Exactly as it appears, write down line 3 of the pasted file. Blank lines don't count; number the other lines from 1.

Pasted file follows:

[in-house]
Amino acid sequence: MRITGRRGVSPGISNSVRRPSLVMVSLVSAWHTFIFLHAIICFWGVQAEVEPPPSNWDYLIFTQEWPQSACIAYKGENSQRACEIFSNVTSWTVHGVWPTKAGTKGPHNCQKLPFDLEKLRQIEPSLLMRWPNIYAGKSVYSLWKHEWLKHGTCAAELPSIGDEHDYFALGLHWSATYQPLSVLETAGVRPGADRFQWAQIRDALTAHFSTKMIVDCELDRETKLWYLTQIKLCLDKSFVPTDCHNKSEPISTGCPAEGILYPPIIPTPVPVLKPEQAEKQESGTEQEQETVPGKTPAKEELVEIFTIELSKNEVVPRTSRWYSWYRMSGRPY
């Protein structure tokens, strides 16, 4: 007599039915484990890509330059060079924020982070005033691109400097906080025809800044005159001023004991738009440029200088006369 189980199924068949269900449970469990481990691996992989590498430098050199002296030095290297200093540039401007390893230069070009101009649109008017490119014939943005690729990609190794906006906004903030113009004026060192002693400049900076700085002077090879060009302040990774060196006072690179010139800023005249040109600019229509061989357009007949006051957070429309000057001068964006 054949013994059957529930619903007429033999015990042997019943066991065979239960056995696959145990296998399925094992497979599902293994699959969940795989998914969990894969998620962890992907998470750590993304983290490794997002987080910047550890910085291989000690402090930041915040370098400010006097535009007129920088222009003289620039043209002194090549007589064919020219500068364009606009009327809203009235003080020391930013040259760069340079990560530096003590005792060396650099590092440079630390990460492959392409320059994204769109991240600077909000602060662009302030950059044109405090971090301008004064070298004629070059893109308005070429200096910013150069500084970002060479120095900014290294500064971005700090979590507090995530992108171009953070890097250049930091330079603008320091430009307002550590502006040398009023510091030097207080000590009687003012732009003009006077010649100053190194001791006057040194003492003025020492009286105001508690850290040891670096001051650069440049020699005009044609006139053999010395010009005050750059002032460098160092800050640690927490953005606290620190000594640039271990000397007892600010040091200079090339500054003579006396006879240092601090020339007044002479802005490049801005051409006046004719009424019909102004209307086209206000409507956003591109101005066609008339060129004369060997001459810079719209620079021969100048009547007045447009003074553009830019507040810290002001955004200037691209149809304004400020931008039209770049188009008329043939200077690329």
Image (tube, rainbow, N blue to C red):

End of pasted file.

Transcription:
């Protein structure tokens, strides 16, 4: 007599039915484990890509330059060079924020982070005033691109400097906080025809800044005159001023004991738009440029200088006369 189980199924068949269900449970469990481990691996992989590498430098050199002296030095290297200093540039401007390893230069070009101009649109008017490119014939943005690729990609190794906006906004903030113009004026060192002693400049900076700085002077090879060009302040990774060196006072690179010139800023005249040109600019229509061989357009007949006051957070429309000057001068964006 054949013994059957529930619903007429033999015990042997019943066991065979239960056995696959145990296998399925094992497979599902293994699959969940795989998914969990894969998620962890992907998470750590993304983290490794997002987080910047550890910085291989000690402090930041915040370098400010006097535009007129920088222009003289620039043209002194090549007589064919020219500068364009606009009327809203009235003080020391930013040259760069340079990560530096003590005792060396650099590092440079630390990460492959392409320059994204769109991240600077909000602060662009302030950059044109405090971090301008004064070298004629070059893109308005070429200096910013150069500084970002060479120095900014290294500064971005700090979590507090995530992108171009953070890097250049930091330079603008320091430009307002550590502006040398009023510091030097207080000590009687003012732009003009006077010649100053190194001791006057040194003492003025020492009286105001508690850290040891670096001051650069440049020699005009044609006139053999010395010009005050750059002032460098160092800050640690927490953005606290620190000594640039271990000397007892600010040091200079090339500054003579006396006879240092601090020339007044002479802005490049801005051409006046004719009424019909102004209307086209206000409507956003591109101005066609008339060129004369060997001459810079719209620079021969100048009547007045447009003074553009830019507040810290002001955004200037691209149809304004400020931008039209770049188009008329043939200077690329």